MCAs in mad rush for post-graduate degrees
By Phares Mutembei
| August 25th 2021
Meru MCAs appear to be in a mad rush to attain higher academic qualifications.
Some of the ward reps have acquired PhDs with others pursuing other post-graduate qualifications.
They have set the pace even as some MCAs in other counties are in court to challenge the implementation of Section 22 of the Election Act that was postponed in 2017.
The section seeks to bar politicians without university degrees from vying for the MCA or MP positions.
The Independent Electoral and Boundaries Commission (IEBC) chair Wafula Chebukati said in June that the law is to take effect next year.
His announcement came as a shocker to potential aspirants for the positions whose plans to acquire the academic papers were delayed after the academic calendar was disrupted by Covid-19.
“A person may be nominated as a candidate for an election under this Act only if that person – is qualified to be elected to that office under the Constitution and this Act, and holds – in the case of a Member of Parliament, a degree from a university recognised in Kenya, or, in case of a Member of County Assembly, a degree from a university recognised in Kenya,” states Section 22 of the Act.
In Meru assembly, Speaker Joseph Kaberia has a PhD alongside Akithi ward rep Dr David Kaithia and Mwanganthia’s Julius Mbijjiwe.
Kaberia, who is serving his second term as speaker, attained a PhD from the Kenya Methodist University (Kemu) and he said the clamour for higher education in the House he presides over is much welcome.
“So far, there are only three PhD holders in our assembly but there may be several PhD students,” Kaberia said.
Kaberia said of his motivation: “To inspire and motivate my peers and young people to aim higher in academic pursuit and thereby improve their livelihoods and their standards of living.”
Though he is hesitant to soak in the adulation of others and his followers on social media, Kaberia said academic qualifications have an impact on productivity in any workplace.
“I think the education levels of the people in an organisation has some correlation with their understanding of issues and their ultimate performance,” he said yesterday.
Kaithia has a PhD from the Jomo Kenyatta University of Agriculture and Technology.
Municipality MCA Elias Murega who is also the deputy speaker is completing his PhD and is a fourth-year law student.
Murega, who is pursuing both the PhD and law degree at the University of Nairobi, completed his pupilage at Githongo Law Courts last week.
He said the quest for higher education among leaders is good, but added that the most important attributes are principles, integrity and servanthood.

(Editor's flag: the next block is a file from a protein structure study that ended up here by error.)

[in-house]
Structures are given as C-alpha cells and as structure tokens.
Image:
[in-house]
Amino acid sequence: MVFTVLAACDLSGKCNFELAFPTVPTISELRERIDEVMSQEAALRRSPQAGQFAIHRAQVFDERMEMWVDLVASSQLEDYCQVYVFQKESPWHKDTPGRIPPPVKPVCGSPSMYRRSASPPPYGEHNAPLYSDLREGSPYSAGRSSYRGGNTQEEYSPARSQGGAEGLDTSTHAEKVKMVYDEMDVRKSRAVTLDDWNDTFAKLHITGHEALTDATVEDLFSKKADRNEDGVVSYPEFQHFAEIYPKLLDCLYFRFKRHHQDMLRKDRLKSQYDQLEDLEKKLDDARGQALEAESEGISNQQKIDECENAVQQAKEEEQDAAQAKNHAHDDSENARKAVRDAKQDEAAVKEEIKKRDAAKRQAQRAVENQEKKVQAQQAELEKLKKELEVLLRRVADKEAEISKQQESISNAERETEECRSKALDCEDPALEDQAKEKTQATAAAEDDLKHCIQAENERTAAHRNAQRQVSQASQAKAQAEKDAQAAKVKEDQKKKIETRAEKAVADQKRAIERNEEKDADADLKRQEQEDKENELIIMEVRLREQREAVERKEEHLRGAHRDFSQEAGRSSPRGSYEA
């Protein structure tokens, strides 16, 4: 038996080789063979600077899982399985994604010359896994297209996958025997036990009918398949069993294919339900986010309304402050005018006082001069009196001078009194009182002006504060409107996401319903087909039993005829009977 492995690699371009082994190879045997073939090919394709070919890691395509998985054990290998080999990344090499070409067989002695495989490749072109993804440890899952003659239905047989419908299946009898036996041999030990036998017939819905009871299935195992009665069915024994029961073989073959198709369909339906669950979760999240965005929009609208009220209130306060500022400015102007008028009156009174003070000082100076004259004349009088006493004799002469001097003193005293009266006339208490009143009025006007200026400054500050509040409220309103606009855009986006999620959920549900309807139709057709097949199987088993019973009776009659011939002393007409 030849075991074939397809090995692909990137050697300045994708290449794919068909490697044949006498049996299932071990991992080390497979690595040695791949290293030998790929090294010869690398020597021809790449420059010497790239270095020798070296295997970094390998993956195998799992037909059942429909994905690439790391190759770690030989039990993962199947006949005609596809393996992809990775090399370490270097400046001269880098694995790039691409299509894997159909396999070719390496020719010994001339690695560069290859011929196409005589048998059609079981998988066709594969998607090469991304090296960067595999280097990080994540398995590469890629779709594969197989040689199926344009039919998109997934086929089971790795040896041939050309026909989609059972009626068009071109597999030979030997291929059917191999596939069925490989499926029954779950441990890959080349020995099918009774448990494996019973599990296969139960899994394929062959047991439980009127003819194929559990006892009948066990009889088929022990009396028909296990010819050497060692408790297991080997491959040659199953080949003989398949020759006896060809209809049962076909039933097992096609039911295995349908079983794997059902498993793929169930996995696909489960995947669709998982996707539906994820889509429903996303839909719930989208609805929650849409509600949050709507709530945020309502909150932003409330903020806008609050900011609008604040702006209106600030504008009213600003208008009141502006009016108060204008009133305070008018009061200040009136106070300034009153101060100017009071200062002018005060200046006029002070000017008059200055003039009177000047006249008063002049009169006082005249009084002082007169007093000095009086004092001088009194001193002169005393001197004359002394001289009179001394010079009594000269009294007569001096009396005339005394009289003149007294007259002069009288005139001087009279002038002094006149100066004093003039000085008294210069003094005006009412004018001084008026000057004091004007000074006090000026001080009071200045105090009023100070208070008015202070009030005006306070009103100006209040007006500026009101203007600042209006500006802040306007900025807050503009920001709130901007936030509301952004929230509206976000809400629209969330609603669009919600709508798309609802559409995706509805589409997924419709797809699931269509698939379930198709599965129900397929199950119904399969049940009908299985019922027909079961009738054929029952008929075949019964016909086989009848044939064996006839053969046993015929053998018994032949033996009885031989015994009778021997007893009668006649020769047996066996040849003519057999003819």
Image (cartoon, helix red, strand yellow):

“We have leaders in high positions who do not use brains or academic qualifications to better lives of their people.
“Our nature of politics is that we glorify money and tribal politics than anything else,” Murega said.
Patrick Mwirigi, (Abogeta East) a teacher by profession, is currently undertaking a PhD at Chuka University and a degree in law at Mount Kenya University.
He got his Masters degree in 2013.
Mwirigi said his motivation for more academic qualifications is driven by a desire to perform better, and at the same time, open up more opportunities for himself.
“With my bachelors degree, I can do my job of MCA well, but with higher education, I can do even better.
“My motivation is to gain more knowledge, because it will make me do better in legislative duties. I am not motivated by (better) pay,” he said.
With higher education, he said he can get opportunities away from the Assembly.
“When I get a PhD, I can run a parastatal or even become a commissioner.
“My job now depends on the people and they can render me jobless, but higher education opens up more opportunities,” Mwirigi said.
Nominated MCA Lucy Makena is pursuing her Masters degree while Abogeta West’s DMK Kiogora who has a Masters degree is currently pursuing a law degree.
Makena said her motivation is not better pay. She said she wanted to enhance her abilities to help the community deal with emerging mental health issues.
“My motivation is working for the community on causes that help the people.
“My motivation is not better pay. I am going towards 50, so I am not looking for a job,” Makena said.
She had sponsored a motion urging the county government to come up with measures to deal with mental health challenges.
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